Davidson College Names New Campus Police Chief
Julian Coaxum, a veteran law enforcement leader in higher education, will join Davidson College as the new chief of the campus police in January—three decades after he squared off against the Wildcats football team.
Coaxum, pronounced COKES-uhm, brings 20 years of policing experience to the role, including as chief at two universities, and a familiarity with Davidson since his youth in Columbia, South Carolina. He emphasized the different role of law enforcement on a college campus, having spent his career, first, rising through the ranks at the University of South Carolina and, then, serving as chief at Savannah State University, in Georgia, and Dillard University, in New Orleans, Louisiana, his current post.
“It’s not just law enforcement,” Coaxum said. “The goal is to support the mission of the college, to help young people matriculate into adult lives and pursuits, to make a great impact on the world. That learning doesn’t all take place in the classroom…Sometimes it’s just in a safe place with a law enforcement officer who does not seem intimidating, because the student sees them in the cafeteria or on the grounds or at an event.”
Ann McCorvey, Davidson’s vice president for finance and administration and chief financial officer, said Coaxum’s depth of experience is matched by his understanding of a campus environment where officers provide guidance as much as regulation.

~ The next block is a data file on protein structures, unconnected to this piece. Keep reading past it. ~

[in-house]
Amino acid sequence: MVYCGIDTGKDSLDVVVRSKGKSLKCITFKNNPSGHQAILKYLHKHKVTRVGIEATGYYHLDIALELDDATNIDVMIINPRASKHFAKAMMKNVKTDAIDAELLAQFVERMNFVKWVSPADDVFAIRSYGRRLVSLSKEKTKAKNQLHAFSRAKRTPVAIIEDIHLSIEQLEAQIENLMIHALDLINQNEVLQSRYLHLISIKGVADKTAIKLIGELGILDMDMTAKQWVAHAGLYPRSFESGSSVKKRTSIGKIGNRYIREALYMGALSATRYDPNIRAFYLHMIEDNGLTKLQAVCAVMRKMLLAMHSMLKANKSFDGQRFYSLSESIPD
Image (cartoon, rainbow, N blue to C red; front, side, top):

“Julian knows how to lead police officers in a close community in which we know them all and look to them for help in times other than an emergency,” McCorvey said. “Like the rest of our staff and faculty, his focus is on helping students step into the world and lead lives of impact.”
Coaxum will succeed Todd Sigler, who is retiring after six years at Davidson and 36 in law enforcement, and who helped strengthen the department’s relationships with students, expand training and elevate emergency management preparedness.
Coaxum earned his undergraduate degree in history at nearby Johnson C. Smith University, a neighboring institution and another Duke Endowment-supported school. He played football, including against Davidson, before heading to Liberty University and earning a master’s in executive leadership. He also holds certification in a variety of specialized law enforcement training.
His father, an Air Force veteran and firefighter, inspired his devotion to service, which has included volunteering with the Special Olympics and recently joining the U.S. Coast Guard Auxiliary. He said working in higher education is a natural path, especially given the influence of his mother, a retired educator, who instilled his drive to be a lifelong learner.
“You watch young people grow and mature. You get to be part of helping them, from that first day on campus, unsure of themselves, to leadership roles on campus and then into the world,” he said. “On commencement day, that young person has come a long way…and I like to see the journey, see them get where they need to go.”